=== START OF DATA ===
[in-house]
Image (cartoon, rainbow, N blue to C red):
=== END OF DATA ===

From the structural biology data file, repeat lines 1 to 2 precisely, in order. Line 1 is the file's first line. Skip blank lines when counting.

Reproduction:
[in-house]
Image (cartoon, rainbow, N blue to C red):